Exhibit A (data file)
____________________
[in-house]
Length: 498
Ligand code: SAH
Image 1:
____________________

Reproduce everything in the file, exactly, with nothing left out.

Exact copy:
[in-house]
Length: 498
Ligand code: SAH
Image 1: